Written by 3:40 am fullerton, Review, Stagestheatre, Theater, Uncategorized

STAGEStheatre Presents:  Agatha Christie’s Murder on the Nile in Fullerton – Review

Written by Patrick Chavis 

Murder, murder, and more murder — who knows the subject better than the queen of the murder mystery herself, Agatha Christie. In her lifetime Christie wrote over 50 different novels, mostly focusing on a genre she mastered, the murder mystery. Christie’s stories are all different and unique, but one thing they have in common is a mysterious death and a group of people who all seem guilty. This trope is consistent in Stages Theatre presents Agatha Christie’s Murder on the Nile. While the climax and twist ending in this production give a much-needed boost of energy to the show, the buildup in the first act lacks a kick and feels almost irrelevant after watching the play all the way through.


Murder on the Nile is set on a river cruise in Egypt. Nine characters get on the boat with different reasons for being there and bring their drama aboard the ship. When the drama unfolds, someone is murdered, and the character Canon Pennefather, a priest, played by Lawrence Ingalls, investigates before the cops arrive.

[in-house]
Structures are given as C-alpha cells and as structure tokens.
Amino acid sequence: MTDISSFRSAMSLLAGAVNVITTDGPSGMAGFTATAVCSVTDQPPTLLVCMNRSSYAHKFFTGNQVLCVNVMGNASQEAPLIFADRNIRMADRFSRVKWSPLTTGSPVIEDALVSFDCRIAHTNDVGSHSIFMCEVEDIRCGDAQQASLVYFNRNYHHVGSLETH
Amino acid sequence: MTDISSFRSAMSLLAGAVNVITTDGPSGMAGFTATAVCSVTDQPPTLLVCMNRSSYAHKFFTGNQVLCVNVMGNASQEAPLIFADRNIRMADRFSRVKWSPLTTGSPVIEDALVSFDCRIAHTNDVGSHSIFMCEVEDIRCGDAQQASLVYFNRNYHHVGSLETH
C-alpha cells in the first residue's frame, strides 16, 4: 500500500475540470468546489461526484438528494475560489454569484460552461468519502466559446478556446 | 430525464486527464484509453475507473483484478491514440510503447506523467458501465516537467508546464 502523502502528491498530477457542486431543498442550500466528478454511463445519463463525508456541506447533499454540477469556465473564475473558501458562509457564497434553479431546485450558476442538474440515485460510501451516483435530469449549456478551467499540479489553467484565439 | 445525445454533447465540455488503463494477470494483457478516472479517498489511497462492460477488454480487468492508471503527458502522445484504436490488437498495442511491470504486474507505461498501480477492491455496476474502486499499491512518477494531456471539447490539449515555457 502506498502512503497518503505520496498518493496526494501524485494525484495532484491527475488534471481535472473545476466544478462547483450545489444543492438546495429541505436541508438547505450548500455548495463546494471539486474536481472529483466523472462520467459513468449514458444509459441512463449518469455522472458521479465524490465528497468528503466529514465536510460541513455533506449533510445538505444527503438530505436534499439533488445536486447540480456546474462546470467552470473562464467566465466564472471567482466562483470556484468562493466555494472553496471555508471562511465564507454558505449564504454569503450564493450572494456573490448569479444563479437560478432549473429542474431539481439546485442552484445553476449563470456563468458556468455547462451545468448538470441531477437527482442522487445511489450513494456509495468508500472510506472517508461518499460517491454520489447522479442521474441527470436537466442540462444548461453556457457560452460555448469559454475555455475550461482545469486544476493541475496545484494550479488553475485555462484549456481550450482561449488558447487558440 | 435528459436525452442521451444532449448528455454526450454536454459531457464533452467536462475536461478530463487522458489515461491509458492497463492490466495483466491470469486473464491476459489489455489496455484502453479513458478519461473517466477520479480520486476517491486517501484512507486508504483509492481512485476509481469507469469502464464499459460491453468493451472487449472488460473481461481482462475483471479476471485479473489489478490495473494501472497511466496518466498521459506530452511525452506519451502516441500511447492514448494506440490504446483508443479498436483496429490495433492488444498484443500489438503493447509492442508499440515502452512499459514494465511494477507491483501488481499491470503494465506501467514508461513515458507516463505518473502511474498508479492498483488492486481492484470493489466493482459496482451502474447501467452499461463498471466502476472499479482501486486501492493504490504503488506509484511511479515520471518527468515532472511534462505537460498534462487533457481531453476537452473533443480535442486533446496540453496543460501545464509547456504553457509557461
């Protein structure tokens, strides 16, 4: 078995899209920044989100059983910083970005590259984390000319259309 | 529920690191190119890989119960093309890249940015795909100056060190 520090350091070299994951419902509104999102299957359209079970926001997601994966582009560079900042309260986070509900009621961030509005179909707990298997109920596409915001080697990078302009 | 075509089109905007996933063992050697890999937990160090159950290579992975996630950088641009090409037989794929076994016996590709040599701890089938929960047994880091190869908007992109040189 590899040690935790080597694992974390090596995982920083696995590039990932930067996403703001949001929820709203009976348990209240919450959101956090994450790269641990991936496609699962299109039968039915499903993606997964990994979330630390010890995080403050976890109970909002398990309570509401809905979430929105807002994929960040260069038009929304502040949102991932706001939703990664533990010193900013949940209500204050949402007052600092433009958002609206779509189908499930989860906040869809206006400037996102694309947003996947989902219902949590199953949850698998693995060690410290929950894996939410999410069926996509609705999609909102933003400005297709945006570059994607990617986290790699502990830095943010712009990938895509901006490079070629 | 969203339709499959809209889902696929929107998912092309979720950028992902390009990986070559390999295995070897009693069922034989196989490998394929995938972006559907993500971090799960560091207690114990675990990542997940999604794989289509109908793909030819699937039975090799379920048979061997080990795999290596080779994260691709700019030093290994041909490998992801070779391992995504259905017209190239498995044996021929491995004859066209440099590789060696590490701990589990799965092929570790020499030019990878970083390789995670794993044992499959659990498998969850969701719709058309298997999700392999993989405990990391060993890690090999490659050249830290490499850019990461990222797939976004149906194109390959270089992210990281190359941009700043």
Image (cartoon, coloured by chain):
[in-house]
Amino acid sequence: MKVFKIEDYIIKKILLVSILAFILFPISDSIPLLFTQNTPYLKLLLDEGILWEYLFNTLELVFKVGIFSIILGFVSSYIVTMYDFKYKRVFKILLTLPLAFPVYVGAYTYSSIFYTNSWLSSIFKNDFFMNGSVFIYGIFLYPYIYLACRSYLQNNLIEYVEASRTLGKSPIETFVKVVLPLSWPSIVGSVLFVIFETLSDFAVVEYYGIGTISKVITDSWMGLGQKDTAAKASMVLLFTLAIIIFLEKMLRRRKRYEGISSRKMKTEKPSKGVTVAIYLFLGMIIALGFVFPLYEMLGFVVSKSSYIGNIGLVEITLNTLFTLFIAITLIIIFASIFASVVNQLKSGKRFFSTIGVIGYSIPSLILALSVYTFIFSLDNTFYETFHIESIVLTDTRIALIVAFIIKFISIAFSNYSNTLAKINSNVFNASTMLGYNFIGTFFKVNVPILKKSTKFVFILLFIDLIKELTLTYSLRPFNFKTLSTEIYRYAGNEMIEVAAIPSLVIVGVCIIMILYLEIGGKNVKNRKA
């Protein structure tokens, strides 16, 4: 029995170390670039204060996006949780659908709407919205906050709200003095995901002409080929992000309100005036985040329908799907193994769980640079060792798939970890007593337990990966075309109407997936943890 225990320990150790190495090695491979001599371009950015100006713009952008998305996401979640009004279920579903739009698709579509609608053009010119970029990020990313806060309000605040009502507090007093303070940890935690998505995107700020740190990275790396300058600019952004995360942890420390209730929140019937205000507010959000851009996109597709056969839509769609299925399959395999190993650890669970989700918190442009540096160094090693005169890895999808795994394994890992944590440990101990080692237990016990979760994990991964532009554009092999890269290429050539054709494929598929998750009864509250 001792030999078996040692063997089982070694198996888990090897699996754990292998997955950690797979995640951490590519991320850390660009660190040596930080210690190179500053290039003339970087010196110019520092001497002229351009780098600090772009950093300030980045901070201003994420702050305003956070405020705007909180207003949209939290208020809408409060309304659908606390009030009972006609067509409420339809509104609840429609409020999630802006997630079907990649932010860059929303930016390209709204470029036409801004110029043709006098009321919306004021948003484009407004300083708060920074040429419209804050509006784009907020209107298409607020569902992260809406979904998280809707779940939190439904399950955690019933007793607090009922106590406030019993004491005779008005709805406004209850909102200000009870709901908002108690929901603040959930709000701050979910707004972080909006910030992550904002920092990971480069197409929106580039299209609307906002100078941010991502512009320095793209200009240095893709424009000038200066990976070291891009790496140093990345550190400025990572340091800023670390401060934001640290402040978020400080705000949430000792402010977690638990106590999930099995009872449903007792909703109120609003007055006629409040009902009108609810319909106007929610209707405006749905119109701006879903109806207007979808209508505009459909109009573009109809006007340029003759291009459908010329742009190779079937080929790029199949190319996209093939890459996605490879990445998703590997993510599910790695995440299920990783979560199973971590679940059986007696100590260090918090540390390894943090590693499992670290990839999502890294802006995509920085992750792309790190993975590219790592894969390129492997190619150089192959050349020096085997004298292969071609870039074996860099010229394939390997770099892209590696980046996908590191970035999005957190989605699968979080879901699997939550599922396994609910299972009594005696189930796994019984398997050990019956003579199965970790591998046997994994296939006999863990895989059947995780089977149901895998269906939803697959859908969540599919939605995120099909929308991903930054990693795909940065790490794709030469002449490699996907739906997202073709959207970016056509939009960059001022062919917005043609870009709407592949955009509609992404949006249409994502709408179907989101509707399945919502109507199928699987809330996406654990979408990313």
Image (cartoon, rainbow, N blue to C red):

We know there will be murder before we even sit down to watch the show because it’s in the title. So right from the beginning, the audience is like a fly on the wall as we watch each passenger get on the ship. They have conversations, and during the conversations, we learn more about who they are and their motivations for being on the boat. Each character’s background is unique, and by the end of the play, every character is covered.

The setup: 

What struck me the most about this production (and I think it was much clearer because of the obvious talent on the stage) is that the first act drags, and the setup placing the audience into the Egyptian atmosphere isn’t executed very well. Egypt is an important character in this play, but the focus on character drama almost makes this part of the show useless. The play could easily be called Murder in the Restaurant without the intrigue of the locale.   With these types of stories, the setup is so crucial. It’s also one of the most difficult aspects of a show to pull off. Often what distinguishes a well-thought-out production is the time a director takes to make the setup unique while you’re learning about these characters. The audience is slowly or quickly immersed in the play/story. 

Emily Porr, Jessica Taylor Gable, Jason Cook

The play follows the first act with a stronger second.


Jessica Taylor Gable, who plays Jacqueline de Severac, is one of the most engaging actors in this play. Gable provides robust performance in each scene. The back and forth between Gable and Lawrence Ingalls (Cannon Pennefather) creates one of the more interesting dynamics in the play. Ingalls’ performance of Pennefather is fantastic and well-executed. Jason Cook, who plays Simon Mostyn, also had a solid performance with energy and a sense of purpose in each interaction he had on stage.

January 18 – February 10, 2019 

Average Show!
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Set & Design6.5
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